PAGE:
Award For Sustainable Agriculture Goes To Northern Iowa Farmers

Award For Sustainable Agriculture Goes To Northern Iowa Farmers

Iowa's top honor to recognize achievement in sustainable agriculture will be presented to two leaders in Community Supported Agriculture for 2012.

The owners of a Community Supported Agriculture, or CSA, enterprise in northern Iowa have been chosen as the 2012 recipients of the Spencer Award for Sustainable Agriculture -- Iowa's leading honor for those who are making or who have made outstanding contributions and accomplishments to preserve and protect natural resources related to family farming.

HONORING SUSTAINABILITY: The Spencer Award recognizes leaders involved in sustainable agriculture whose efforts are leaving the world a better place for the next generation. Tim Landgraf and Jan Libbey of Kanawha, Iowa, are the winners for 2012.

Jan Libbey and Tim Landgraf, who operate One Step at a Time Gardens near Kanawha in Hancock County, will receive the award from the Leopold Center for Sustainable Agriculture on January 11. The presentation will take place during annual conference and related activities of Practical Farmers of Iowa, where Landgraf currently serves as president.

The Spencer Award honors farmers, teachers and researchers who have made a significant contribution to the ecological and economic stability of Iowa's family farms. It has been presented annually by the Leopold Center and includes a $1,000 cash prize from an endowment established by the family of Norman and Margaretha Spencer, who farmed near Sioux City for 40 years.

Leaving the world a healthier and better place for the next generation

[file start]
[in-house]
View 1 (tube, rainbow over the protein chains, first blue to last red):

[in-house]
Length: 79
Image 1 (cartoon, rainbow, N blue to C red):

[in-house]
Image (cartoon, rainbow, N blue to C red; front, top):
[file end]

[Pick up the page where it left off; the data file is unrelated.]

"The Spencers believed that is the obligation of each generation to leave the world a healthier and better place for the next generation, and our 2012 recipients certainly practice those beliefs in how they manage their land," says Leopold Center director Mark Rasmussen.

Libbey and Landgraf own 132 acres of rolling glacial moraine adjacent to East Twin Lake, a natural, glacial wetland and upland woods complex. They raise vegetables on 9 acres and in two high-tunnel greenhouses. In addition to serving their 150 CSA members, Libbey and Landgraf sell their products via direct sale to regional wholesale operations. A pastured-poultry operation is incorporated into the crop rotation, producing about 650 chickens each summer.

They manage cover crops and use composted animal manures, diverse crop rotations, shallow cultivation, mulching and grass pathways. Since moving to the farm in 1990, they have added 45 acres of permanent cover, including prairie grasses and flowers, shrubs, trees and restored wetlands. They established their CSA operation in 1996 and began farming full-time in 2002.

Participate in on-farm research with PFI and ISU's organic agriculture program

They also have participated in on-farm research through PFI and the Organic Agriculture and Horticulture programs at Iowa State University. Projects have included cover crops, poultry feed efficiencies, broccoli and edamame trials and pollinator assessment and identification.

Landgraf has served on the PFI board of directors since 2006 and has been president since 2009. Libbey has been a leader in numerous community groups including the Iowa Network for Community Agriculture, Healthy Harvest of North Iowa and the North Iowa Farmers Market.

Landgraf worked as a manufacturing engineer for many years at Eaton Corporation. Libbey has an animal ecology degree from ISU and worked for the Wright County Conservation Board as a naturalist. They have two children, a daughter at Luther College in Decorah, and a son who is an agricultural engineer for Case New Holland.

This will be the 10th year for presentation of the Spencer Award. For more information go to the Leopold Center website.
Hide comments

Comments

  • Allowed HTML tags: <em> <strong> <blockquote> <br> <p>

Plain text

  • No HTML tags allowed.
  • Web page addresses and e-mail addresses turn into links automatically.
  • Lines and paragraphs break automatically.
Publish